Another Media Fail: Associated Press Misrepresents People Taking 'Livestock Medicine' to Battle C*VID by 68%
Our government doesn't want you doing anything to battle C*VID other than getting your v*cc*ne. That's it. Nothing else. And since our government doesn't want you to do anything else, that's what the mainstream media wants as well. The latest is when it comes to ivermectin. Ivermectin is a multifaceted drug of Nobel prize-honored distinction with indicated efficacy against C*VID-19. But it's not approved by unelected government bureaucrats (the CDC). It's also used, in a different concentrated form, to treat livestock such as horses. Since it's not the government's v*cc*ne, the media "reports" people using it as people taking horse dewormer or livestock medicine. In other words, the media lies.
Rolling Stone was caught lying. They wrote a story based on a single doctor's claims an Oklahoma hospital was overrun with people who took horse dewormer. Except, the hospital said it's not true. Now we see the Associated Press doesn't understand how numbers work. The AP was quick to report that in Mississippi, 70% of calls to poison control were of people who ingested the animal version of ivermectin. They've since corrected the story:
In an article published Aug. 23, 2021, about people taking livestock medicine to try to treat coronavirus, The Associated Press erroneously reported based on information provided by the Mississippi Department of Health that 70% of recent calls to the Mississippi Poison Control Center were from people who had ingested ivermectin to try to treat COVID-19. State Epidemiologist Dr. Paul Byers said Wednesday the number of calls to poison control about ivermectin was about 2%. He said of the calls that were about ivermectin, 70% were by people who had ingested the veterinary version of the medicine.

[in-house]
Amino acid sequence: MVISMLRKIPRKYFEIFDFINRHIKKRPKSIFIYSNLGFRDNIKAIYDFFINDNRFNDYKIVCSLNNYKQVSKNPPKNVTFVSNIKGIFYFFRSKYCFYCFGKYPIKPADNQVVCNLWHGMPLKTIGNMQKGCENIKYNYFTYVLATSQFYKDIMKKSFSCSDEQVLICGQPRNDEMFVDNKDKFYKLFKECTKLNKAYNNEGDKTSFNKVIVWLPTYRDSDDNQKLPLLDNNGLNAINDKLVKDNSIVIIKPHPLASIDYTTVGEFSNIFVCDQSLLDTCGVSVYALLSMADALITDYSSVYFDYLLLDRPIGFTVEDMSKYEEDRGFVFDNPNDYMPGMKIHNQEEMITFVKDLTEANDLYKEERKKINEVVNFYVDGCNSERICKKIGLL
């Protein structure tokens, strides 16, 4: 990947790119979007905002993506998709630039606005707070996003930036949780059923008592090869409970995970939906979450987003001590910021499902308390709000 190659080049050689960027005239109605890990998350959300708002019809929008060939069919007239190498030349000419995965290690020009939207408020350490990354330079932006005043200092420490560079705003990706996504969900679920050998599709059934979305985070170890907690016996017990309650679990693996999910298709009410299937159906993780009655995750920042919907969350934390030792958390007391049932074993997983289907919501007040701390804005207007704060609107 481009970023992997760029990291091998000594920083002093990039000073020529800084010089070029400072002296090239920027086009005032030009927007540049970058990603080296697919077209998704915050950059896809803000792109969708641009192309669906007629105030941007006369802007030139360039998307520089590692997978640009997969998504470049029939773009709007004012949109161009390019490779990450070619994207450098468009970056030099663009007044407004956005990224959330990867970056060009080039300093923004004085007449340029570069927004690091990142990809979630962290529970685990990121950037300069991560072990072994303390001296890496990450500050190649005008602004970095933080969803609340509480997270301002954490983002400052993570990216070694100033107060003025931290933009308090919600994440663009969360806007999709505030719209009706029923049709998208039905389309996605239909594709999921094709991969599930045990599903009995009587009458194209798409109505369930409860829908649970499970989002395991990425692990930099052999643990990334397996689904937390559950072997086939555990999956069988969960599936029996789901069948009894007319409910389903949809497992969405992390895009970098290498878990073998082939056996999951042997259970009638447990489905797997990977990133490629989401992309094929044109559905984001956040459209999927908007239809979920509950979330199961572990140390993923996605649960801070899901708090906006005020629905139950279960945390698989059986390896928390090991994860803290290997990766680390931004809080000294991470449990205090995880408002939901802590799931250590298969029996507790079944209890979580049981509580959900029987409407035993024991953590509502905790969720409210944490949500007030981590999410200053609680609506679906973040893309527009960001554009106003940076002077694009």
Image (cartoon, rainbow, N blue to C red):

So it's not 70% of calls from people who took animal medicine. It's 2% of people who were treated with ivermectin as a whole. That means out of all calls to Mississippi poison control, 98% were for something else that wasn't ivermectin. Then of the 2%, 70% of the calls were of people taking livestock medicine (allegedly). Which, if you're a people and your people doctor won't prescribe something for you, don't go to a veterinarian. They treat animals. You're a people. Okay? Okay.
In the olden days, reporters would double-check their math. They would see an astronomical number such as 70% of people taking horse dewormer and say to themselves, "Hey, this doesn't make sense!" Instead, reporters have an activist agenda and a confirmation bias to confirm. Mississippi is in the south. Mississippi voted for Trump. A reporter from the Associated Press saw an opportunity to attack southerners and/or Trump supporters, facts be damned!
The media is one of the least trustworthy institutions in America. Reporters don't understand why. All the lying and/or "accidental factual errors" might have something to do with it.
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